1,000 sin bins to curb the unruly

28th April 2000 at 01:00
The Government plans a pound;47 million crackdown on abuse and violence from pupils MORE than 1,000 special units for violent and disruptive pupils will be set up in schools by 2002 as the Government attempts to crackdown on tearaways.

Education Secretary David Blunkett this week declared zero tolerance on bad behaviour by pupils. "Whether it is bullying, threatening or violent behaviour, abusive and insulting language or an impression of anarchy and lawlessness, we must act," he told the National Association of Schoolmasters Union of Women Teachers.

He used the union's annual conference in Llandudno, north Wales, to announce a pound;47 million deal on discipline including targeting troublemakers in 200 primaries to catch them early.

The "sin bins", called learning support units, will be for pupils at risk of fixed periods of exclusion rather than those permanently excluded. They are designed to reinstate youngsters into the same school in no more than two terms. There are already 420 of them in secondaries around the country. At least 520 more will now be set up for secondaries and 60 will be established for primary children.

This week Nigel de Gruchy, general secretary of the NASUWT, called for a sin bin away from school in every town telling the Government that its policies on social inclusin were not realistic.

Four years ago the union was involved in several high-profile cases over troublesome pupils, including 13-year-old Richard Wilding, excluded from Glaisdale secondary in Nottinghamshire for violence. In the first two months of this year, the union dealt with 20 cases of members refusing to teach unruly youngsters.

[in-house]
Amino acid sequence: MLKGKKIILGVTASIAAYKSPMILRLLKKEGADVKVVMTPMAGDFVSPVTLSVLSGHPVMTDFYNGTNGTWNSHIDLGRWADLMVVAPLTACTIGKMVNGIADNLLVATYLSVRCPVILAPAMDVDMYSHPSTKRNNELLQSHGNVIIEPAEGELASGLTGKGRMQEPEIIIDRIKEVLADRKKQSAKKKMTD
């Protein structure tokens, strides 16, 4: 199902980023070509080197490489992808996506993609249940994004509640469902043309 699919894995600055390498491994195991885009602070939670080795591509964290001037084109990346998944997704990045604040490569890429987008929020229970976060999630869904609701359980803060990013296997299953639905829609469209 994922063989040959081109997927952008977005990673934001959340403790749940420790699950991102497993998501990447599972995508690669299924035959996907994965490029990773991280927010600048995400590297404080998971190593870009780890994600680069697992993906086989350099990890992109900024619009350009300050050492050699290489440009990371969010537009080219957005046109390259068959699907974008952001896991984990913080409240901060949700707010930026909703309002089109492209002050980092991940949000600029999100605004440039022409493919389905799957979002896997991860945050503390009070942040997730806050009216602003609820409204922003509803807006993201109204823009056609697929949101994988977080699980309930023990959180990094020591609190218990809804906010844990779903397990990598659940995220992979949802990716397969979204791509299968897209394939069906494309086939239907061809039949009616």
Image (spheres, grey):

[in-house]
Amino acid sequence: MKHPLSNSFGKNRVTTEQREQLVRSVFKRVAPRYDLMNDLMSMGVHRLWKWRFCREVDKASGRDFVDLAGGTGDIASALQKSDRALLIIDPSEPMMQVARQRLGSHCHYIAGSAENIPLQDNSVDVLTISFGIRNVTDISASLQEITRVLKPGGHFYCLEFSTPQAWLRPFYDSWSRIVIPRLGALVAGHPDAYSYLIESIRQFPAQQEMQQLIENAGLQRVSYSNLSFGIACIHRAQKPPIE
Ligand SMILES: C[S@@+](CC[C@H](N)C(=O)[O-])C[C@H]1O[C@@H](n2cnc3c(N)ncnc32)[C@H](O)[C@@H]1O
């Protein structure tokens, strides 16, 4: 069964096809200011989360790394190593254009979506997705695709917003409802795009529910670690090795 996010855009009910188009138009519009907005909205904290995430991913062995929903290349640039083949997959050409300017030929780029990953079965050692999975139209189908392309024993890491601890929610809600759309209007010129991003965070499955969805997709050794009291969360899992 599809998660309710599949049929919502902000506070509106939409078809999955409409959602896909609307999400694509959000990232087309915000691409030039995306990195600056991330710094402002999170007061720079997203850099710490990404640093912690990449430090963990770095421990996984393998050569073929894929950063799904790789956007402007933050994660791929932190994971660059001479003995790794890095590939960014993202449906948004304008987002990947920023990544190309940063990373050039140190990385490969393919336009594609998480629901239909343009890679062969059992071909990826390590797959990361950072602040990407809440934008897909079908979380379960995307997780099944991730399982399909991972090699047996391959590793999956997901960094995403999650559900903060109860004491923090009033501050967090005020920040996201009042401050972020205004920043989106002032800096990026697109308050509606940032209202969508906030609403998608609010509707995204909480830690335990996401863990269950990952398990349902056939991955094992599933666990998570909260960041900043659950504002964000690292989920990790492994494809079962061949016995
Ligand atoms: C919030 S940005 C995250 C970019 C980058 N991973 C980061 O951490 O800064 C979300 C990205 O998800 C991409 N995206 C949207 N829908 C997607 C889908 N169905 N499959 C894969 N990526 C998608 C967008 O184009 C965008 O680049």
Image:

Horror stories emerging from the conference included that of a 15-year-old boy who beat up a headteacher in a school car park. Sarah Millington, from Hyndburn and Ribble Valley, described the behaviour of four pupils that included throwing chairs, sniffing lighter fluid in the corridor and drug-dealing.

Latest government statistics show that there are 12,300 pupils permanently excluded from school. Unpublished research by the Department for Education and Employment reveals that more than 80 per cent of children are excluded for physical violence and serious verbal threats.

The pound;47m package, which the DFEE insists is new money, is in excess of the pound;500m three-year deal on discipline already announced by the Government. Alongside the learning support units, pound;9m has been allocated for "dowries" of pound;3,000 attached to excluded pupils. There will also be up to pound;6,000 for youngsters in the country's 300-pupil referral units.

Conference report, 6

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